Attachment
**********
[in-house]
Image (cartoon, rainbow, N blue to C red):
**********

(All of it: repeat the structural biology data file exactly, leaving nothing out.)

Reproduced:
[in-house]
Image (cartoon, rainbow, N blue to C red):